Our results show that low plasma selenium concentrations are associated with subtle neurological impairments reflected in soft neurological signs. Such impairments were seen in coordination tests of both upper and lower extremities. Our observation is consistent with findings of other research showing higher prevalence of disability in the lower plasma selenium group (16
). A somewhat similar finding was also found in participants with low vitamin E by another researcher (26
). Given that the InChianti study was conducted in community-dwelling elderly we chose to focus on minor neurological findings, bearing potential relation to the SN system.
The average selenium concentration in our study sample was relatively low, 74.5μg/L (0.94 μmol/L). These values are consistent with other studies conducted in Italy. For example, in the Veneto study (27
) the mean plasma selenium concentrations were 65.2 μg/L (0.82 μmol/L) in adults and 89.1 μg/L (1.12 μmol/L ) and 68.4 μg/L (0.86 μmol/L ) in adults aged 65–89 and ≥ 90 respectively from Bologna (28
). In other countries, and particularly in the US, selenium concentrations are higher, depending on the area where the assessment was conducted (29
). In the third National Health and Nutrition Examination Survey, Phase 2 (1991–1994) (NHANES III) the mean serum selenium among non-anemic and anemic adults was 127.3 μg/L (1.60 μmol/L) and 120.1 μg/L (1.51 μmol/L) respectively (30
). These differences may reflect different assay methods as well as differences in bioavailability of selenium from foods that may stem from the amount of selenium in the soil (30
From a biological point of view, the findings in this study may reflect the putative protective effect of selenium against oxidative damage in neuronal cells. A wealth of scientific evidence relates selenium to the anti-oxidative mechanisms. Much of the confusion related to the popular term “anti-oxidants” stems from the generality of this term. In fact, anti-oxidants should be grouped according to several categories by their functions and chemical structures, which are highly divergent. Selenium, as previously mentioned, is an element, with close resemblance to sulfur, which serves as a component of the active site of several enzymes. The common feature of these enzymes is their ability to “disarm” super-oxide molecules (8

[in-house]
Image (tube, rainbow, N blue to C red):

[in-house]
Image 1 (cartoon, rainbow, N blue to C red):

). From a theoretical standpoint, even though aging is not fully explained by any single mechanism, it is widely believed that oxidative damage plays a role in the aging process.
The SN system seems an important indicator of oxidative damage in the brain. First, it contains a population of dopaminergic neurons, which are unique, highly specialized cells, with a specific neurological function. Thus, an injury to dopaminergic neurons in the substantia-nigra is far more likely to be clinically relevant than a similar size injury elsewhere in the brain. Secondly, dopaminergic neurons are highly susceptible to oxidative damage given the nature of the biochemical reactions in these cells (25
). Specifically, the dopamine molecule itself has the potential to induce oxidative damage, unless rapidly sequestered in the cell (5
). On the other hand, other parts of the brain are also susceptible to oxidative damage. The cerebellum, which is highly important in movement modulation, is also a target for such hits. Ataxia-telangiectasia (A-T), a hereditary illness is a suitable example. A-T is an autosomal recessive disorder caused by mutations in the ATM gene. The hallmark of A-T is fulminant degeneration of cerebellar Purkinje cells accompanied by a progressive ataxia with features of both cerebellar and basal ganglia dysfunction. Recently, it has been suggested that abnormalities in redox status contribute to the A-T phenotype. In a recent study (13
), microscopic examination revealed elevated superoxide levels in cerebellar Purkinje cells and nigral dopaminergic neurons but not cortical neurons. These findings map increased superoxide levels onto the vulnerable neuronal populations selectively affected in A-T.
Our findings are also consistent with findings from animal studies using the methamphetamine nigrostriatal toxicity model. A study by Kim (11
) showed prevention and even reversal of functional and anatomic nigrostriatal destructive changes using dietary enrichment with Se. This study is the most extensive one done in animals and its results are very convincing. Nonetheless, it is worth remembering that the methamphetamine toxicity model may not be fully analogous to degenerative Parkinson’s disease (3
The cross-sectional design of the current study limits causal inference that can be drawn from these findings. Indeed, reverse causation is possible as SN dysfunction might cause malnutrition leading to lower Se levels. This would be particularly of great concern in various patient populations (e.g., those diagnosed with Parkinsonism); however, our study sampled community-dwelling older adults and we excluded participants with Parkinson’s diagnosis from the analyses of neuro-motor performance, reducing concern for reverse causality. Nonetheless, this study is observational and constitutes the first level of scientific investigation into the role of selenium in protecting the EPS. Thus the findings should be taken cautiously. The next phase should be a longitudinal cohort study, which would add a dimension of temporal sequence to this association. Finally, a neurological clinical trial could evaluate the potential benefit of increasing selenium concentrations.